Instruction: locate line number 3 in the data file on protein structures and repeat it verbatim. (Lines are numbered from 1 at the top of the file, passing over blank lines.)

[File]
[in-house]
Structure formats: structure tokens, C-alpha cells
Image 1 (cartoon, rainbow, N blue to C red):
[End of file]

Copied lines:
Image 1 (cartoon, rainbow, N blue to C red):